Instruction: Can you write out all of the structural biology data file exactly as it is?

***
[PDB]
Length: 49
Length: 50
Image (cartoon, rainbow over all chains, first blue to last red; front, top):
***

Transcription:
[PDB]
Length: 49
Length: 50
Image (cartoon, rainbow over all chains, first blue to last red; front, top):